Starting pitcher Tsuyoshi Wada signed with the Chicago Cubs in the offseason after the Baltimore Orioles declined his $5 million option. Wada failed to make the starting rotation out of Spring Training, but with his current dominance of the Pacific League, he may lay claim to a starting rotation spot in case of an injury or ineffectiveness of No. 5 starter Jake Arrieta.
Wada, a 33-year-old left-handed pitcher, originally signed a two-year, $8 million deal with the Orioles coming out of Japan but immediately had to undergo Tommy John surgery. After recovering, Wada threw 102.2 innings for the Orioles’ Triple-A team with effective but generally yawn-inspiring results, pitching to a 4.03 ERA with 80 strikeouts and 35 walks.
While his first season stateside wasn’t very impressive, it was still an admirable and worthy debut for Wada. In his second taste of American baseball, Wada is pitching like a completely different person, increasing his strikeout rate from 7.01 to 9.34 K/9 while cutting his walks from 3.07 to 1.83 BB/9. This has led to a 1.22 ERA and 0.83 WHIP in 44.2 innings pitched.
Although the results have been excellent, Wada is clearly pitching way above his head. Opposing batters have hit just .221 on balls in play against Wada, and he has not yet allowed one base runner to score this season. The six total runs Wada has allowed have all come on five home runs hit against him. While this is a rate that cannot continue, it is impressive nonetheless.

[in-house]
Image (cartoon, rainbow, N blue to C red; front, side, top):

The main takeaway from Wada’s 2014 season so far has been his incredible 5.11 strikeout-to-walk ratio. If he can maintain a rate anywhere above 3.00 Wada is going to have success no matter what league he’s pitching in.
Jake Arrieta, however, has been the opposite of Wada in terms of command, with a 1.63 K/BB ratio in 13.1 innings. This is par for the course with Arrieta, as his career K/BB rate is just 1.71. He’s been able to work around the walks so far and has an attractive 2.70 ERA on the season, but if he continues to walk batters at this rate he will not hold onto his rotation spot for long.
Wada should be the first man up from the minor leagues to take over for Arrieta if he falters. While Wada does not overpower hitters and is what some will refer to as a “crafty lefty”, he’s the type of guy teams love to have at the back of the rotation as a pitcher with a plan on the mound and will throw strikes. The Cubs will want to see exactly what they have in Wada, and when they do, he has the potential to give the team a chance to win every fifth day.